Navigation Links
Little did we know about beetle diversity: Astonishing 138 new species in a single genus
Date:2/20/2013

The tropics are home to an extraordinary diversity of insect species. How great is it, exactly? We do not know, but today, researchers at the Santa Barbara Museum of Natural History published a study on tropical beetles that can help us progress towards an answer to this question. The paper was published in the open access, peer-reviewed journal Zookeys.

Entomologists Michael Caterino and Alexey Tishechkin have named 138 new species within the genus Operclipygus (the name refers to their clamshell-like rear end), thereby increasing the size of the genus over six times. The work is based on a study of over 4000 specimens amassed from natural history museums all over the World, as well as specimens from fieldwork collected throughout Central and South America by the authors.

The lead co-author of the paper, Dr. Caterino, comments of on the significance of such biodiversity: 'We all know that forests in the tropics are disappearing. But we only have the faintest idea of how much biodiversity is disappearing with them. Studies like this are critical to seeing where the greatest diversity is, and finding out the best ways to protect it',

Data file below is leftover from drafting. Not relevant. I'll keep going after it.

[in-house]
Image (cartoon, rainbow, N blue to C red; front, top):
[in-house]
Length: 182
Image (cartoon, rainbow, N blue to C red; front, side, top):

These beetles all belong to a family known as histerids, or 'clown beetles'. All of the newly described species are similar in appearance to a poppy seed small, round and black. Because of their extreme abundance, however, they have an ecological importance disproportionate to their size. As voracious predators of other insects' larvae, these beetles help controlling pestiferous flies. As in some cases their menu includes fly larvae found in decomposing bodies, some researchers have been promoting their use in forensic investigations.

Since the days of Darwin, Wallace, and Bates, entomologists have both celebrated and bemoaned the overwhelming diversity of tropical insects. Modern-day scientists continue to grapple with the question of just what extent of insect biodiversity lives in the tropical parts of the World, with estimates ranging from 5 to 30 million species or more. This study is only one part of a larger revision of several related histerid genera, and it seems not to be an isolated case, with most groups revealing 5 to 6 times the species currently documented.

So while biologists have a long way to go in fully documenting the species diversity in rapidly-disappearing tropical forests, comprehensive taxonomic revisions of neglected insect groups can help to clarify the magnitude of what's at stake. This project was funded by the Advancing Revisionary Taxonomy and Systematics program of the U.S. National Science Foundation, and it clearly demonstrates what dedicated support for taxonomy can do for our understanding of global biodiversity.

Dr. Caterino closes: 'We're committed to doing our best to let people know what's out there before it's too late'.


'/>"/>

Contact: Michael S. Caterino
mcaterino@sbnature2.org
Pensoft Publishers